ALBANY, N.Y. (AP) -- There's little oversight of New York's hundreds of private career schools, with most failing to file required graduation and job placement reports, state auditors reported Thursday.
The schools, with about 46,000 students in fields such as computer programming, cosmetology and business, are required be registered or licensed by the state Education Department if they charge tuition. The audit covered more than three years through June 2012 and noted more than 1,000 open investigations, more than half at least a decade old.
A sample of 100 cases showed 18 schools without licenses — though some may not have been operating — which indicates a considerable risk that many other schools are unlicensed, according to the report.
"There's alarmingly little oversight of private career schools in New York, leaving too many young adults vulnerable to false promises," Comptroller Thomas DiNapoli said. "Millions of dollars and the education of thousands of New Yorkers are at stake."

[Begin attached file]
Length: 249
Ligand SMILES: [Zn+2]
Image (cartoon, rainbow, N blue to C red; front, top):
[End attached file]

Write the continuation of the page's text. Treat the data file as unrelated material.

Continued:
In its audit response, the Education Department said updated computer systems will improve oversight, while legislation last year raising the schools' licensing application fee from $250 to $5,000 will help.
Deputy Education Commissioner Kevin Smith said a half-dozen staffers have been added and the new data system is expected to be fully functional in nine months to a year. The schools, which number around 450, will be able to access the system and know the status of their applications, teacher licensing and curriculum approvals, he said.
"Schools open and schools close fairly rapidly. It's a fairly dynamic sector," Smith said. The higher application fee, closer to the national standard, is expected to slow that down.
The report found that 292 schools out of 491, or almost 60 percent, didn't submit required reports about enrollment, graduation and job placement, and as a result, the department has no record of whether they achieved what they promoted.
Auditors recommended processing license applications within one year, establishing time frames for prioritizing and completing investigations, and developing processes for following up on schools that don't file reports and disciplining them.
The schools have pushed back at the federal level against reporting requirements about graduations and job placements that public institutions don't have to file, Smith said. About the open cases, he said some simply hadn't been closed administratively, and the Education Department lacks authority to investigate beyond sending letters to unlicensed schools, referring those cases to other agencies including the attorney general or Department of State.